Saving of Kiwi ‘a national priority’
16 October 2005
Kiwis call for saving of icon
namesake ‘a national priority’
Saving the kiwi from extinction in the wild is of such importance it should be treated as a national priority, according to a recent nationwide survey*.
The Bank of New Zealand survey revealed an overwhelming public awareness of the plight of the kiwi as an endangered species in the wild and identified a strong call by New Zealanders to support ways to save our national icon.
Eighty seven percent of respondents in the national survey said saving the kiwi was of such importance it should be addressed as a national priority.
And 80% of respondents said they would be prepared to contribute financially to help the kiwi continue to live in large numbers in the wild – although the survey did not test specific levels of financial support to which respondents would be prepared to commit.
Kiwi numbers have declined 26% in the past seven years and the trend shows no signs of slowing, according to the Department of Conservation (DoC). Two of the six species of kiwi are threatened with extinction.
Paul Jansen, DoC’s National Kiwi Co-ordinator (operations and planning), says the survey results are timely given the critical situation of kiwi survival in the wild.
“It’s crisis time for the kiwi. This national icon, which so many of us identify with, is really under siege,” says Mr Jansen.
“Despite our current best efforts we will see many more local populations of kiwi disappear over the next 15 years.”
He says the main reason for declining numbers of kiwi in the wild is the loss of kiwi chicks to predators such as stoats and weasels. There are encouraging results of kiwi numbers increasing in sanctuaries as the result of a stoat-trapping regime.
The nationwide survey of 750 New Zealanders aged 18 or over, has a margin of error of +/- 3.6%. It found 89% of respondents were concerned that the kiwi could largely disappear from the wild in the next few years and be confined to zoos, sanctuaries and offshore islands.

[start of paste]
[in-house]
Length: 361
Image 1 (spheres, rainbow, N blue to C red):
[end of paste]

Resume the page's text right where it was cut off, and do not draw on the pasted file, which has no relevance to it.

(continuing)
Eighty six per cent of respondents
claimed to have seen a kiwi in a zoo, while only 22% claimed
to have seen one in the wild.
Kiwis call for saving of icon namesake ‘a national priority’
The main project to protect kiwi in the wild is the Bank of New Zealand Kiwi Recovery Trust** which was launched in 2002.
Bank of New Zealand National Sponsorship Manager, Richard Allen, says the Bank is encouraged at the apparent level of support for the kiwi from the research, but more needs to be done.
While the research shows New Zealanders care about the recovery of the kiwi, donations and financial support is relatively low.
“As New Zealanders we all have a responsibility to save our national icon for future generations,” says Mr Allen.
“We need to harness the support for the kiwi the survey has identified and we will be working hard to engage with ordinary New Zealanders to fundraise and help build up numbers of kiwi in the wild, so the kiwi is not confined to sanctuaries and off-shore islands”.
To support the Bank of New Zealand Kiwi Recovery Trust, the public can donate using their EFTPOS card at any Bank of New Zealand ATM machine or call 0900 SAVE KIWI (72835) to make an automatic $10 donation, or donate online at www.kiwirecovery.org.nz or at any Bank of New Zealand branch.